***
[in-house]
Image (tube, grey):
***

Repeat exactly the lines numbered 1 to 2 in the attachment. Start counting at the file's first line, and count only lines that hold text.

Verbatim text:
[in-house]
Image (tube, grey):